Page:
Presentation on theme: "Population and Settlement"— Presentation transcript:
1 Population and Settlement Population ChangePopulation and SettlementImage: Courtesy of NASA/Goddard Space Flight Center Scientific Visualization Studio. This image is created by Craig Mayhew and Robert Simmon from data provided by Christopher Elvidge of the NOAA National Geophysical Data Center.
2 Flash activity (these activities are not editable) World population changeThe demographic transition modelPopulation structureManaging population changeContentsFor more detailed instructions, please see the Getting Started presentation.Icons:Flash activity (these activities are not editable)Web addressesPrintable activityTeacher’s notes included in the Notes PageExtension activity
3 Key questions: World population change By the end of this chapter you should have considered these key themes and questions:How is world population changing?How is the world’s population distributed?How can population change be calculated?What factors affect birth and death rates?
4 Key demographic terminology Teacher’s note: This click to link activity is printable either as a solved answer sheet (when the print button is pressed after the activity has been solved) or as an unsolved worksheet at any other time.Students should already be familiar with these terms. It should be emphasized that crude birth rate and death rate is when the rates are averaged out over the whole population regardless of age or sex.As an example of fertility rate, the UK’s is 1.66 children according to the 2009 estimate. Statistics can be found at this address:This weblink was working correctly at the time of publication. Boardworks takes no responsibility for the content of external sites.The replacement level is widely accepted at about 2.1 children in most industrialized countries, so people are not having enough children to replace the number of women in the population that are necessary to keep reproduction levels constant. In developing countries the replacement rate is higher due to higher mortality rates, particularly infant mortality.4
5 World population growth by region Teacher’s note: Students should be able to answer questions about the graph. Possible questions include:Describe the changes in world population growth.Compare the growth rates of the developed continents and the developing continents.What is a weakness of this data? Students are likely to suggest that it shows only continental values – individual countries will vary a lot within the continent.The statistics were obtained from this address:They can be found in Table 2 on page 6.This weblink was working correctly at the time of publication. Boardworks takes no responsibility for the content of external sites.5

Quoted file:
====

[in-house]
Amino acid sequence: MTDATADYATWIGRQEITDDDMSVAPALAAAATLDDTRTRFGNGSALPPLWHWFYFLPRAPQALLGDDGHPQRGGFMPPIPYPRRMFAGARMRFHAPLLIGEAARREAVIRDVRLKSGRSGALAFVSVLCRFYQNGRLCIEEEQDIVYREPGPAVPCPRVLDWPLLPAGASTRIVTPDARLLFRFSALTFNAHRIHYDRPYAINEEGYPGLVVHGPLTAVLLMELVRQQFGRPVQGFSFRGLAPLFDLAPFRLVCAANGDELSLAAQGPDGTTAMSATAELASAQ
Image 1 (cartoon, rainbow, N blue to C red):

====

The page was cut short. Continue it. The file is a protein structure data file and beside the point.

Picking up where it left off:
7 Calculating population change Population change is a measure of how much a country’s population has increased or decreased, usually over one year.Population change can be expressed as a simple figure.It is calculated using this formula:()()number of birthsnumber of deathsnumber of immigrantsnumber of emigrants–+–The UK’s population change is calculated as:(748,600 – 572,200) + (561,000 – 387,000) = 350,400Teacher’s note: The statistics were obtained from this address:They are for 2006 and can be found in Table B1 on page 97.As an extension activity, you could ask students to perform their own calculations for the population change of the UK for previous years, using the information provided in Table B1 on page 97 of the weblink.This weblink was working correctly at the time of publication. Boardworks takes no responsibility for the content of external sites.It can be also be expressed as a percentage growth rate:(population change ÷ total population) ×The UK’s percentage growth rate is calculated as:350,400 ÷ 60,587,300 = 0.58%7
9 Key questions: The demographic transition model By the end of this chapter you should have considered these key themes and questions:What is the demographic transition model and what is its purpose?What are the stages of the demographic transition model and how do they apply to different countries?What relevance does the demographic transition model have today?9
10 The demographic transition model Teacher’s note: At stage 1 there is a high birth and death rate, so the population remains low. As the death rate falls in stage 2, the population begins to grow rapidly. The population growth slows in stage 3 as the birth rate falls. At stage 4 the birth rate and death rate have levelled out once more so the population remains stable.10
13 A fifth stage?Teacher’s note: Students should be able to predict the shape of stage 5 based on the information given, i.e. a declining birth rate and increasing death rate will lead to a decrease in population. You could also ask students whether they think this stage is appropriate to the model and to justify their argument.13